The Implementation of a Pilot Femur Fracture Registry at Komfo Anokye Teaching Hospital: An Analysis of Data Quality and Barriers to Collaborative Capacity-Building
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Trauma registries are essential for injury surveillance and recognition of the burden of musculoskeletal injury in low- and middle-income countries (LMICs). The purpose of this study was to pilot a femur fracture registry at Komfo Anokye Teaching Hospital (KATH) to assess data quality and determine the barriers to research partnering in LMICs.
All patients admitted to KATH with a fracture of the femur, or Arbeitsgemeinschaft für Osteosynthesefragen (AO) class 31, 32, 33, were entered into a locally designed, electronic femur fracture database. Patients’ characteristics and data quality were assessed by using descriptive statistics. Orthopedic trauma research barriers and opportunities were identified from key informants at the research site and supporting site.
Ninety-six femur fracture patients were enrolled into the registry over a 5-week period. The majority of patients resided in the Ashanti region surrounding the hospital (78 %). Most participants were involved in a road traffic crash (58 %) and physiologically stable with a Cape Triage Score of yellow upon admission (84 %). AO class 32 femur fractures represented the majority of femur fractures (78 %). Median times from injury to admission, admission to surgery, and surgery to discharge were 0, 5, and 10 days, respectively. Data quality analysis showed that data collected at admission had higher rates of completion in the database relative to data collected at various follow-up time points.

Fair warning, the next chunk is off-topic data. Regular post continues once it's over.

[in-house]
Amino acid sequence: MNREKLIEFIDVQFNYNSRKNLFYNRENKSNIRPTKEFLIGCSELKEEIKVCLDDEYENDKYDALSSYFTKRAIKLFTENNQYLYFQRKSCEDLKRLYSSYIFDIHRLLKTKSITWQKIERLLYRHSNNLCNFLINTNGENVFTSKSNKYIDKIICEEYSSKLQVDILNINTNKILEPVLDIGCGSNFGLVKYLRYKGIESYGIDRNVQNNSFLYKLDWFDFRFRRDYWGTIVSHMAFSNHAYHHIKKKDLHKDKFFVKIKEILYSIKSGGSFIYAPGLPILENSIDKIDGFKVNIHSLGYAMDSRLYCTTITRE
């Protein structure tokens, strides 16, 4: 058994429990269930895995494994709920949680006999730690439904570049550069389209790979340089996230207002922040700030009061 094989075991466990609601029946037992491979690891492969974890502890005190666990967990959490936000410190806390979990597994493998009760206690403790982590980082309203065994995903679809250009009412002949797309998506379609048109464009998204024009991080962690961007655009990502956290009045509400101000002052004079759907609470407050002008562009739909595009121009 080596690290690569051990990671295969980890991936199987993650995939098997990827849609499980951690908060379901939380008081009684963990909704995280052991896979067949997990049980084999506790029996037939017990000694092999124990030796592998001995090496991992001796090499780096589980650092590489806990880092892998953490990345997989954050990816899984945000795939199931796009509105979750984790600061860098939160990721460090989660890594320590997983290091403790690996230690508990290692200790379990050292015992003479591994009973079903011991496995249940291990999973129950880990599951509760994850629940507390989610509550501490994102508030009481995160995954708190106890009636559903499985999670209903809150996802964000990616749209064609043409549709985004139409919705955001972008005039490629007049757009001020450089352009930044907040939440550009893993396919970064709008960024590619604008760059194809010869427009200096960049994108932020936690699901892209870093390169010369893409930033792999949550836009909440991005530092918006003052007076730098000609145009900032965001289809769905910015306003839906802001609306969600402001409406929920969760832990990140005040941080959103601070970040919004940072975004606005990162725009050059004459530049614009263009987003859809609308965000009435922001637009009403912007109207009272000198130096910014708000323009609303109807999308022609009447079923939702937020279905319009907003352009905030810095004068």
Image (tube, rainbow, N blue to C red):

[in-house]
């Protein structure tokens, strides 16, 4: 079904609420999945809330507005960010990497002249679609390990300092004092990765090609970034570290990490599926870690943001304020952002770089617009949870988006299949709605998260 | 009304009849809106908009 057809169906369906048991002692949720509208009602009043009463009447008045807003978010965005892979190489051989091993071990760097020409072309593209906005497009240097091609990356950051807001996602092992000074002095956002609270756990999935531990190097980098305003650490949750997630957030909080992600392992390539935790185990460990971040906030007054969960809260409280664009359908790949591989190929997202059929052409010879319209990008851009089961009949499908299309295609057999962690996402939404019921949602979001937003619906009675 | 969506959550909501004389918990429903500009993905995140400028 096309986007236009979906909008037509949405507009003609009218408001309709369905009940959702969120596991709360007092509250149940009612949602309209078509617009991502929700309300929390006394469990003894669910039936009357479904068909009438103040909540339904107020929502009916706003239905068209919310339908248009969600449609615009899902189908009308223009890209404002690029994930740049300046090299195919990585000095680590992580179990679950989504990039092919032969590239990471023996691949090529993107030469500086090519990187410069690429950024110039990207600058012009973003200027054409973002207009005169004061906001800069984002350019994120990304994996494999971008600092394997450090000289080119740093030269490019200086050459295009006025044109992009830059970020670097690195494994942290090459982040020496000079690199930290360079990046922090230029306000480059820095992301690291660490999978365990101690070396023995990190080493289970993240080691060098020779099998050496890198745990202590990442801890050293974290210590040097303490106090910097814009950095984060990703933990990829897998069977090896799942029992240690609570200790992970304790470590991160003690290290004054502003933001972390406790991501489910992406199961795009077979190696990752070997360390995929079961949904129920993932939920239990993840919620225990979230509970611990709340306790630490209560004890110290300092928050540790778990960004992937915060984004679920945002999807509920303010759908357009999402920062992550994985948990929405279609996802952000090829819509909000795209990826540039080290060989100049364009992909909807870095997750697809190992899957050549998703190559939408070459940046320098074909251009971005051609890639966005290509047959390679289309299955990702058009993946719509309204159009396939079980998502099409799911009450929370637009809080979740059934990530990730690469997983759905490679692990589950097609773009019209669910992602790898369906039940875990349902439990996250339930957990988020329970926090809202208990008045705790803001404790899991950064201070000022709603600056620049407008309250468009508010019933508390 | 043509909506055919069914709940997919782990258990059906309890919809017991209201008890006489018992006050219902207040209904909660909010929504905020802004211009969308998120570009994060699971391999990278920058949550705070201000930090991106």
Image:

Data and data quality analyses highlighted characteristics of femur fracture patients presenting to KATH as well as the technological, administrative support, and hospital systems-based challenges of longitudinal data collection in LMICs.
KeywordsFemur Fracture Orthopedic Trauma Musculoskeletal Injury Trauma Registry Injury Surveillance
The authors thank the IGOT team, including Felicia Agbenorwu and Eric Anyimadu, for their help coordinating the study and collecting data at KATH as well as Peter Trafton, MD, for his study design guidance.
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